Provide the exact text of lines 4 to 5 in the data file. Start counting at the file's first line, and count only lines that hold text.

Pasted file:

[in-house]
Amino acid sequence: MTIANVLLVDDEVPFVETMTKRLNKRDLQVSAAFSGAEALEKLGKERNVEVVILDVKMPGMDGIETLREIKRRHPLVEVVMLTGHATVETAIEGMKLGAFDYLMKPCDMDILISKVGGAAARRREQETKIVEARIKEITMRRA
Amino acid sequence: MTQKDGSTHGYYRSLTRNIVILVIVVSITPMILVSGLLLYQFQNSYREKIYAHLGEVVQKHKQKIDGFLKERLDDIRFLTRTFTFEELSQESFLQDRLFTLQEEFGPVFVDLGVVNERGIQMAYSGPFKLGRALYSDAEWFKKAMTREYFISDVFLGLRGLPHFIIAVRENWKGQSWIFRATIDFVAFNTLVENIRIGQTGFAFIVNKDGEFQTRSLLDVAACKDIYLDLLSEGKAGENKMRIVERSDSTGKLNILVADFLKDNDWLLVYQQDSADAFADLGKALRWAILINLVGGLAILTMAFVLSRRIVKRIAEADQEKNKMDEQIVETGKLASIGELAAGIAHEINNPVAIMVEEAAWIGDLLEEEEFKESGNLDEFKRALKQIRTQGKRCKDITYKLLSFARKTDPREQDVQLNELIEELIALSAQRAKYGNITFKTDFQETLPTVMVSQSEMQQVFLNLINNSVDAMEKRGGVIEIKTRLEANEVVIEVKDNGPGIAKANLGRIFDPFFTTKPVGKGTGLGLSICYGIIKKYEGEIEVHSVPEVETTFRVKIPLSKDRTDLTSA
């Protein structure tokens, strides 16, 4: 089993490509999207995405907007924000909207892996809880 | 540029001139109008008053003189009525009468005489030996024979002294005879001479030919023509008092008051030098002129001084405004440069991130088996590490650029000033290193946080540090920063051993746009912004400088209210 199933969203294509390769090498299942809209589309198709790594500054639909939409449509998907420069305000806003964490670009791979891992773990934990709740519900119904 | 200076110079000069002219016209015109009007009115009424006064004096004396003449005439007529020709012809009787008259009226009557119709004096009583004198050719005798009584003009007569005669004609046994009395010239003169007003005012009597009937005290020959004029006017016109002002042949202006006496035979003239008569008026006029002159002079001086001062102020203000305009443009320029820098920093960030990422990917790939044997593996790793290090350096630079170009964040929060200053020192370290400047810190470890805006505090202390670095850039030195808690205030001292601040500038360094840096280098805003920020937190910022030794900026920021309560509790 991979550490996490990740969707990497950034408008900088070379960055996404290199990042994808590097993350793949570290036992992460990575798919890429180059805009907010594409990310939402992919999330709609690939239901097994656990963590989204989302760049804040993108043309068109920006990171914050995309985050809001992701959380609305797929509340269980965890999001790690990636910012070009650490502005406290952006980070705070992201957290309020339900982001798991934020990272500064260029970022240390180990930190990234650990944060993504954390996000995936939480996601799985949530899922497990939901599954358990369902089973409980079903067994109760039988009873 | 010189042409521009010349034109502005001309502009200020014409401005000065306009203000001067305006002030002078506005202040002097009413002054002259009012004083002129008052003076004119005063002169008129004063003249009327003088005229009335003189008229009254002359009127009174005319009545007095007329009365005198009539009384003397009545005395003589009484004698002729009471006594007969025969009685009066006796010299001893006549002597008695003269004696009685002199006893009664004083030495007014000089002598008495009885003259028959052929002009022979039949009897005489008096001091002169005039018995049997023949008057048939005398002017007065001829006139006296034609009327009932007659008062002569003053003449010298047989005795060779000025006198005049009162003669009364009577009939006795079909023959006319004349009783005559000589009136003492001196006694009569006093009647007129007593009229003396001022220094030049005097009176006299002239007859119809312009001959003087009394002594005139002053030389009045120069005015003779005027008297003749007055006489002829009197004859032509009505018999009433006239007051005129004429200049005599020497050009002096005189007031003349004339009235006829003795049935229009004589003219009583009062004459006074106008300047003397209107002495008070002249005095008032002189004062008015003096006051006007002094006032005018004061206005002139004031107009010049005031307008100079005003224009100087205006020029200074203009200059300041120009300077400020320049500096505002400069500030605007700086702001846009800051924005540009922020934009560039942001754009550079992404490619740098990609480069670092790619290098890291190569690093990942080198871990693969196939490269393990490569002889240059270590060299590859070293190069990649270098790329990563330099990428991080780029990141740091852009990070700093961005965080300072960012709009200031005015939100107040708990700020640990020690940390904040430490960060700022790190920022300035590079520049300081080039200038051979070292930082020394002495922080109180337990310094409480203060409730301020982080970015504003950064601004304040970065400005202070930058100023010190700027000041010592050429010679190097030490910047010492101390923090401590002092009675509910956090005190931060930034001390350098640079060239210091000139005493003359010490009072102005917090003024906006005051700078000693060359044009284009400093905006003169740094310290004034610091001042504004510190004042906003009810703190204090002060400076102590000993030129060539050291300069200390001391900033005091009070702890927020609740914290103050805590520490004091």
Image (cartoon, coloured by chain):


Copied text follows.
């Protein structure tokens, strides 16, 4: 089993490509999207995405907007924000909207892996809880 | 540029001139109008008053003189009525009468005489030996024979002294005879001479030919023509008092008051030098002129001084405004440069991130088996590490650029000033290193946080540090920063051993746009912004400088209210 199933969203294509390769090498299942809209589309198709790594500054639909939409449509998907420069305000806003964490670009791979891992773990934990709740519900119904 | 200076110079000069002219016209015109009007009115009424006064004096004396003449005439007529020709012809009787008259009226009557119709004096009583004198050719005798009584003009007569005669004609046994009395010239003169007003005012009597009937005290020959004029006017016109002002042949202006006496035979003239008569008026006029002159002079001086001062102020203000305009443009320029820098920093960030990422990917790939044997593996790793290090350096630079170009964040929060200053020192370290400047810190470890805006505090202390670095850039030195808690205030001292601040500038360094840096280098805003920020937190910022030794900026920021309560509790 991979550490996490990740969707990497950034408008900088070379960055996404290199990042994808590097993350793949570290036992992460990575798919890429180059805009907010594409990310939402992919999330709609690939239901097994656990963590989204989302760049804040993108043309068109920006990171914050995309985050809001992701959380609305797929509340269980965890999001790690990636910012070009650490502005406290952006980070705070992201957290309020339900982001798991934020990272500064260029970022240390180990930190990234650990944060993504954390996000995936939480996601799985949530899922497990939901599954358990369902089973409980079903067994109760039988009873 | 010189042409521009010349034109502005001309502009200020014409401005000065306009203000001067305006002030002078506005202040002097009413002054002259009012004083002129008052003076004119005063002169008129004063003249009327003088005229009335003189008229009254002359009127009174005319009545007095007329009365005198009539009384003397009545005395003589009484004698002729009471006594007969025969009685009066006796010299001893006549002597008695003269004696009685002199006893009664004083030495007014000089002598008495009885003259028959052929002009022979039949009897005489008096001091002169005039018995049997023949008057048939005398002017007065001829006139006296034609009327009932007659008062002569003053003449010298047989005795060779000025006198005049009162003669009364009577009939006795079909023959006319004349009783005559000589009136003492001196006694009569006093009647007129007593009229003396001022220094030049005097009176006299002239007859119809312009001959003087009394002594005139002053030389009045120069005015003779005027008297003749007055006489002829009197004859032509009505018999009433006239007051005129004429200049005599020497050009002096005189007031003349004339009235006829003795049935229009004589003219009583009062004459006074106008300047003397209107002495008070002249005095008032002189004062008015003096006051006007002094006032005018004061206005002139004031107009010049005031307008100079005003224009100087205006020029200074203009200059300041120009300077400020320049500096505002400069500030605007700086702001846009800051924005540009922020934009560039942001754009550079992404490619740098990609480069670092790619290098890291190569690093990942080198871990693969196939490269393990490569002889240059270590060299590859070293190069990649270098790329990563330099990428991080780029990141740091852009990070700093961005965080300072960012709009200031005015939100107040708990700020640990020690940390904040430490960060700022790190920022300035590079520049300081080039200038051979070292930082020394002495922080109180337990310094409480203060409730301020982080970015504003950064601004304040970065400005202070930058100023010190700027000041010592050429010679190097030490910047010492101390923090401590002092009675509910956090005190931060930034001390350098640079060239210091000139005493003359010490009072102005917090003024906006005051700078000693060359044009284009400093905006003169740094310290004034610091001042504004510190004042906003009810703190204090002060400076102590000993030129060539050291300069200390001391900033005091009070702890927020609740914290103050805590520490004091």
Image (cartoon, coloured by chain):